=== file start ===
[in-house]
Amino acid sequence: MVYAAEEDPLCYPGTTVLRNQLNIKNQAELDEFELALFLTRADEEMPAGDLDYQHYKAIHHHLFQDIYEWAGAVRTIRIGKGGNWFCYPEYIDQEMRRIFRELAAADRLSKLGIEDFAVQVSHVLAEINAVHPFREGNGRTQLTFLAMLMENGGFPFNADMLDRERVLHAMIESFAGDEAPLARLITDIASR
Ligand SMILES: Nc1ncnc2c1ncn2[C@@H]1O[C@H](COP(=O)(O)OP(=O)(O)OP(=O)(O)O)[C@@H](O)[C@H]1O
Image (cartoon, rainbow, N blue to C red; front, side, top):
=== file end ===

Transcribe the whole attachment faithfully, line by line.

[in-house]
Amino acid sequence: MVYAAEEDPLCYPGTTVLRNQLNIKNQAELDEFELALFLTRADEEMPAGDLDYQHYKAIHHHLFQDIYEWAGAVRTIRIGKGGNWFCYPEYIDQEMRRIFRELAAADRLSKLGIEDFAVQVSHVLAEINAVHPFREGNGRTQLTFLAMLMENGGFPFNADMLDRERVLHAMIESFAGDEAPLARLITDIASR
Ligand SMILES: Nc1ncnc2c1ncn2[C@@H]1O[C@H](COP(=O)(O)OP(=O)(O)OP(=O)(O)O)[C@@H](O)[C@H]1O
Image (cartoon, rainbow, N blue to C red; front, side, top):